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Re: Schizophrenic megalomania

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  • Terence
    ... And so you do have the right to express your views and I would not deny you that right. However, your statements about Steiner are rather extreme, and the
    Message 1 of 80 , May 2, 2006
      --- In anthroposophy_tomorrow@yahoogroups.com, Theodor Grekenquist
      <grekenquist@...> wrote:

      > Until now, I have always been convinced that I have the same right,
      > privilege, and qualifications to express my views about Rudolf
      > Steiner, Julius Caesar, Charlie Chaplin, or whoever the case may be
      > like anyone else, and that I would not need to apply for a licence to do so.

      And so you do have the right to express your views
      and I would not deny you that right. However, your
      statements about Steiner are rather extreme, and
      the way you express them comes off, at least to me,
      that you are a KNOWER. So I ask you again what
      qualifies you to express such KNOWLEDGE. Or, are
      your expressions about Steiner merely your opinion.
      In recovery we say that opinions are like *ssholes,
      every one has one.

      > It is the essence of the whole internet game that no one ever has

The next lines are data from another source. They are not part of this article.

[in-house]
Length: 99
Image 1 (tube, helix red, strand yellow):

> real credentials for anything they say. People with real credentials
      > either don't participate in these lists or only participate very seldom.

      Perhaps that is true..anyone can present as being
      whoever and whatever they want to be as anyone can
      hide behind the keyboard and allow their fantasies
      to run wild. As to people who have real
      credentials: there are some very learned people on
      this list and they are active participants. Be that
      as it may, tell me Theodor why you are hedging
      here? Your answers are nothing like what you are
      emailing to this list about Steiner. One learns
      very early in this internet world to look for
      incongruities as there are many fools presenting
      themselves through the use of words as being
      something that they are not.

      > I have no axe to grind with anhroposophists or with Rudolf Steiner.

      That is interesting!

      Consider this, Theodor, there are many folks on
      this list who dearly love what Steiner has given
      the world in books and in stenographed lectures,
      the Waldorf pedagogy, biodynamics, etc.. I am one
      of them, but I am not as zealous as some here are.
      Now you come along and stir a hornets nest with
      your stick. Is it any wonder that you are being
      *stung*? In spite of what you say, "I have no axe
      to grind," it does certainly appear that you do, at
      least to me. I see this in an incongruity!

      > Your definition is close and simple enough. It is obvious that
      > religious founders, cult leaders, gurus, emprerors, conquerors, and
      > many charismatic celebrities have had their share of megalomania, and